God’s kingdom is being built—sometimes slowly, always steadily—as we are shaped into living stones by the reviving Spirit of the Lord. Pray just now for the part God is calling you to be in the church that brings Him glory.
We lingered in the cafeteria, picking our way through a lunch of potatoes, beans, and fruit. Strangers to each other until moments earlier, we worked at making conversation between mouthfuls of food.
“Do you travel much?” he wanted to know, perhaps hoping some wider window on the world would open to him.
“Yes,” I said with a rueful smile. “Sometimes too much.”
“You are a pastor, right?” I asked. He nodded silently, eyes fixed on his plate. I reached for the inevitable next question that always passes between pastors.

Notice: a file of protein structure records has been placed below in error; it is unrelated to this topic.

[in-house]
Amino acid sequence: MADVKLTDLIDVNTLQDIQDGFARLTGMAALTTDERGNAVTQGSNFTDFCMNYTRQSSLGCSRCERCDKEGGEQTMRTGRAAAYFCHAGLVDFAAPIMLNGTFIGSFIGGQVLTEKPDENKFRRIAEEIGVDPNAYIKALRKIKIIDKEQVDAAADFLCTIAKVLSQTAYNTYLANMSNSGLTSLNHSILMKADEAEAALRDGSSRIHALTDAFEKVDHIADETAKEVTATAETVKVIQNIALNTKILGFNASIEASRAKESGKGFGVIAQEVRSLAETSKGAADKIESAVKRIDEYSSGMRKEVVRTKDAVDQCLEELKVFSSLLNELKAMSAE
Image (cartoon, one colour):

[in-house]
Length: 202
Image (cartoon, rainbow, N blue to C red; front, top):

“How many churches are in your district?” I had already mentally made my educated guess: at about 55 years old, he would have one, possibly two mid-sized congregations in the city area he served.
“Twenty-two,” he said softly, still eyeing the beans.
The sharp intake of breath from my side of the table clearly startled him. He looked up, a tired smile playing around the corners of his mouth.
“You have 22 congregations in your district?” I asked incredulously, suddenly ashamed of the times I had lamented serving two or three. “How many members are in your territory?”
“About 4,500,” he murmured.
I sat back in my cafeteria chair, my fork pointing absently to nowhere, amazed by the modesty of a servant of God content with his great burden. As I pressed him further to describe his responsibilities, I saw what I had previously missed: the settled confidence in Christ; the sturdy joy that lit his eyes when he talked of training local elders, baptizing hundreds of new believers every year, organizing new congregations.